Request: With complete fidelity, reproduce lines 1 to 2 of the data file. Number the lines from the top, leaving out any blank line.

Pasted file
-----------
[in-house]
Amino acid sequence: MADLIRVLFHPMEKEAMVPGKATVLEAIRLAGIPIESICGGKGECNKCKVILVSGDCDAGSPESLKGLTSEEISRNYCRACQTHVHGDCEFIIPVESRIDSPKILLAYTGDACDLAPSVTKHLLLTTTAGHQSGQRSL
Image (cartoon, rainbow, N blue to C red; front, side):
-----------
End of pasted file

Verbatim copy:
[in-house]
Amino acid sequence: MADLIRVLFHPMEKEAMVPGKATVLEAIRLAGIPIESICGGKGECNKCKVILVSGDCDAGSPESLKGLTSEEISRNYCRACQTHVHGDCEFIIPVESRIDSPKILLAYTGDACDLAPSVTKHLLLTTTAGHQSGQRSL